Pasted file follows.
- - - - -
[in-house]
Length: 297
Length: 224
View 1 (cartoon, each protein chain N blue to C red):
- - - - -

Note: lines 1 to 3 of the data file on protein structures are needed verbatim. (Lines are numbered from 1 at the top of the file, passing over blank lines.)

[in-house]
Length: 297
Length: 224